The work in the Homer-Clam Gulch area has enabled the recognition of several different styles of ancient river-sand deposition, while structures within the sands suggest upheavals caused by ancient earthquakes. In the Capps Glacier area, thick rock units containing masses of pebbles and boulders, with much of this detritus consisting of volcanic material, indicate the operation millions of years ago of torrential rivers flowing into the margin of the basin from volcanic peaks to the immediate west.
The team completed more than 400 square miles of geologic mapping in the Capps Glacier area in 2009, clarifying some aspects of the rock stratigraphy and assessing the impact of major geologic faults on the deposition of the rocks.
And as the research continues moving forward in 2010, the research team is piecing together the evidence for changes in rock types between the margins of the basin and the basin interior, and how these changes impact oil and gas reservoir characteristics. Geoscientists in the team are also using rock samples to assess how the origination of the sand grains in potential reservoir sandstones influences the chemical alteration of the grains, and hence the reservoir quality.
Another line of research involves the use of available seismic and well data to track Tertiary rock units through the subsurface, to develop maps of the subsurface geology and to determine the history of rock subsidence in different parts of the basin.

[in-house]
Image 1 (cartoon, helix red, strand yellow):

Mesozoic oilAs well as investigating the petroleum geology of the Tertiary strata that host the existing Cook Inlet oil and gas fields, the DGGS-led team is investigating the geology of the tens of thousands of feet of older Mesozoic rocks that underlie the Tertiary. The Jurassic Tuxedni group, within the Mesozoic rock sequence, is believed to have sourced most of the oil in the Cook Inlet oil fields, the oil having presumably percolated upwards into the Tertiary reservoirs.
And the question of whether to drill into the Mesozoic to seek new oil fields has perplexed Cook Inlet oil explorers for many years, especially given the very high cost and high uncertainty of drilling into this deep section of the basin. In the 2010 legislative session, Alaska lawmakers passed a bill that included a $25 million tax incentive for the next Cook Inlet Mesozoic oil exploration well.
The DGGS-led team has been investigating excellent surface exposures of Mesozoic rocks on the west coast of Cook Inlet, between the Iniskin Peninsula and Tuxedni Bay, measuring rock sequences, taking rock and fossil samples, and assessing the geologic processes whereby the rock sequences were laid down.
Within the Mesozoic, there are Cretaceous sandstones that have good reservoir characteristics, but well penetrations into deeper and older rocks have found sandstones that tend to be clogged by minerals formed from the chemical alteration of sand grains. A prime objective of the DGGS research is to determine whether there may be areas of pre-Cretaceous rocks where reservoir quality is better than has been found to date. The team also wants to learn more about the ways in which the Cretaceous rocks were deposited, to evaluate potential Cretaceous reservoir shapes and sizes.
Subsurface mapAnd a continuing research objective will be to use available well and seismic data to evaluate which Mesozoic rock units directly underlie the Tertiary rocks of the basin, and hence produce a subsurface Mesozoic map showing the juxtaposition of oil and gas source and reservoir rocks. The team is also investigating the timing of the chemical alteration and clogging of potential Mesozoic oil reservoirs — the question of whether the rocks would have been altered before or after oil could have migrated into them is one of the keys to understanding the Mesozoic oil potential of the basin.